Then there’s the Book of Mormon. It’s filled with stories and themes that fuel pacifists. My two favorites are, first the sons of Mosiah’s response to the threat of hostile Lamanites. At least a portion of Nephite society advocated preemptive violence, while Ammon and his brothers advocated missionary service (Ammon’s obviously a complicated example; I like to think that, like many of us experienced on our missions, his investigators taught him the full meaning and implications of his teachings). Then there’s that whole big, messy war or series of wars that extend from mid-Alma through mid-Helaman. To begin, while the Lamanites are clearly the provokers, the Book of Mormon makes clear that one of the largest contributing factors to the war is the wickedness of the Nephites (reminds me of Missouri). Luckily they had Captain Moroni to put the fear of God into both the Nephites and the Lamanites and eventually win the day. Or not quite. Immediately after Moroni’s hard fought victory, the Nephites ultimately lose and are entirely unable to violently retake a full half of their lands. They do eventually get these lands back, “winning” the war, but not through violence. Instead it’s through the preaching of the gospel by Nephi and Lehi (and undoubtedly others). As to the highly praised Stripling Warriors who forsook the pacifism of their parents, we rarely finish telling their story—it appears that after the war they went up North and resolutely rejected the preaching of the prophets Nephi and Lehi.
Giving my own pacifist telling of the story, I know that there will be readers absolutely itching to object and tell the story differently. I recognize that one can read these sections of the Book of Mormon differently. But I assure you, from my perspective, my telling appears to be exactly what the message is, without any bending or subverting of the text. And while I’m willing to concede the legitimate possibility of others genuinely seeing these stories differently, I think there’s much less wiggle room when it comes to the teachings of Jesus Christ.
Next, there’s the teachings of modern day prophets like President Kimball:
We are a warlike people, easily distracted from our assignment of preparing for the coming of the Lord. When enemies rise up, we commit vast resources to the fabrication of gods of stone and steel—ships, planes, missiles, fortifications—and depend on them for protection and deliverance. When threatened, we become anti-enemy instead of pro-kingdom of God; we train a man in the art of war and call him a patriot, thus, in the manner of Satan’s counterfeit of true patriotism, perverting the Savior’s teaching:
“Love your enemies, bless them that curse you, do good to them that hate you, and pray for them which despitefully use you, and persecute you; That ye may be the children of your Father which is in heaven.” (Matt. 5:44-45.)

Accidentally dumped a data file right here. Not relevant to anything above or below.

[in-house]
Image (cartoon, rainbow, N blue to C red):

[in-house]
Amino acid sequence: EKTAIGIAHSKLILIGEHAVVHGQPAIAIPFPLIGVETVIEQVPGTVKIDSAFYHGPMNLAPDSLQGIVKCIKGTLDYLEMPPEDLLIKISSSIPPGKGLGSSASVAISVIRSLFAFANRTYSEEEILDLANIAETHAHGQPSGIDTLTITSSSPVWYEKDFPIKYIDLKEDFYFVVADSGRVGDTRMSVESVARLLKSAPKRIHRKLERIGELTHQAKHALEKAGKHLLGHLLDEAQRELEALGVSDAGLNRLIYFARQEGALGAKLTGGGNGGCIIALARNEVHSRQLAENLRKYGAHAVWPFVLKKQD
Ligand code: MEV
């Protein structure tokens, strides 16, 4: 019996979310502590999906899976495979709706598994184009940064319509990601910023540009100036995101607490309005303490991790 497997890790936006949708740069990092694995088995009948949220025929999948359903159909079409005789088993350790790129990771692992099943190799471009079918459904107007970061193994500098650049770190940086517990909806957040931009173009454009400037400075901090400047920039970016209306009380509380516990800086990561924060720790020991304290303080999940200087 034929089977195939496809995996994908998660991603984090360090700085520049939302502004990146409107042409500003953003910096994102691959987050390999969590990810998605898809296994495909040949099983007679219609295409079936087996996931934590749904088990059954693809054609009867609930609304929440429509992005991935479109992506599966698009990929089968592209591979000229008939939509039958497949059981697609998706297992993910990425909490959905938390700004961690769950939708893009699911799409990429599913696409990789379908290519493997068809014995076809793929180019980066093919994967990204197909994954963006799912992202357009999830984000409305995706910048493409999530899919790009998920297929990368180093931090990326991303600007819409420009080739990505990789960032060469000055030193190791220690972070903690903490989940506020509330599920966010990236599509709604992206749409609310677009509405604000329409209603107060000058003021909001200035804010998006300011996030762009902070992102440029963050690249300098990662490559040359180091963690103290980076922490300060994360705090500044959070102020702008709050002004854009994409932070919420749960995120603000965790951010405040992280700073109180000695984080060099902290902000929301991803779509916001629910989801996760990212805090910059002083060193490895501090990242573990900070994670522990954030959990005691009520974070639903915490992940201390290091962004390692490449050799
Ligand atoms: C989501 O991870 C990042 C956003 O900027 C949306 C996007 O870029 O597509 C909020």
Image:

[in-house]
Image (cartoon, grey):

We forget that if we are righteous the Lord will either not suffer our enemies to come upon us—and this is the special promise to the inhabitants of the land of the Americas (see 2 Ne. 1:7)—or he will fight our battles for us (Ex. 14:14; D&C 98:37, to name only two references of many). This he is able to do, for as he said at the time of his betrayal, “Thinkest thou that I cannot now
pray to my Father, and he shall presently give me more than twelve legions of angels?” (Matt. 26:53.) We can imagine what fearsome soldiers they would be. King Jehoshaphat and his people were delivered by such a troop (see 2 Chr. 20), and when Elisha’s life was threatened, he comforted his servant by saying, “Fear not: for they that be with us are more than they that be
with them” (2 Kgs. 6:16). The Lord then opened the eyes of the servant, “And he saw: and, behold, the mountain was full of horses and chariots of fire round about Elisha.” (2 Kgs. 6:17.)
Enoch, too, was a man of great faith who would not be distracted from his duties by the enemy: “And so great was the faith of Enoch, that he led the people of God, and their enemies came to battle against them; and he spake the word of the Lord, and the earth trembled, and the mountains fled, even according to his command; and the rivers of water were turned out of their course; and the roar of the lions was heard out of the wilderness; and all nations feared greatly, so powerful was the word of Enoch.” (Moses 7:13.)
What are we to fear when the Lord is with us? Can we not take the Lord at his word and exercise a particle of faith in him? Our assignment is affirmative: to forsake the things of the world as ends in themselves; to leave off idolatry and press forward in faith; to carry the gospel to our enemies, that they might no longer be our enemies.” (The False Gods We Worship)
Again, I know about the obvious objection that not all prophets are like President Kimball. Many of them, including our late President Hinckley, appear to explicitly justify war. Some rather credible sources have even gone so far as to claim divine sanction for their involvement in war. None of the statements I’ve seen by these prophets, however, places a willingness to kill one’s enemies above the option of pacifism. Nor would it be surprising if God granted sanction to his people to pursue options that he did not prefer—he’s certainly done this in the past (e.g., divorce, word of wisdom breaking, the whole corpus of Mosaic Law). The scriptures are clear that God grants us knowledge and wisdom and “commandments not a few” as we are righteous and willing to receive. Rather than claiming a conflict between the statements and actions of Christ and those of his prophets, it’s easy to see that there may be a spectrum of acceptable to ideal behavior (we’re comfortable with the idea of telestial, terrestial, and celestial laws or of “good, better, and best” options). Nor can we infer from individual exception commandments from God (e.g., Abraham’s instructions to kill Isaac) that God doesn’t ultimately endorse pacifism.
But the reality is, while I genuinely believe there’s a divine endorsement, I don’t need one. We can all see the nobility of forsaking violence and forgiving rather than answering violence with violence, the nobility of Christ’s over the Mosaic injunction. I don’t think anyone faithfully reads the story of the Anti-Nephi-Lehis without being profoundly moved by their response to violence. Nor do we hear President Hinckley’s story about the woman forgiving the juvenile delinquent who nearly took her life with a frozen turkey or President Faust’s telling of the Amish response to a brutal murderer without knowing that there is something divine in these pacifistic acts of forgiveness. I think we’re moved because we see a connection between these acts and the acts of our Savior Jesus Christ who forgave his murders to the point of pleading for God to also forgive them, the act of atonement and passive suffering for all of us. Regardless of it’s not being collectively required, each of us can see that pacifistic forgiveness is one potential way of standing as saviors on Mt. Zion.
But again, perhaps I’m wrong in my theological speculations and motivations for pacifism. Perhaps those of you itching to argue with my theological claims are right. Returning to the mess I began with, I’m absolutely convinced of the evil and diabolical nature of violence. I don’t think Ivan’s solution is justified. We’re already implicated, we’re already thrown into the miasma of mortality, and I’m quite skeptical as to whether, given the absence of an explicit, pointed revelation on the matter generally (and perhaps in each individual case), we can ever really know for certain how best to respond in the face of violence. But I’m more comfortable erring on the side of pacifism than anywhere else.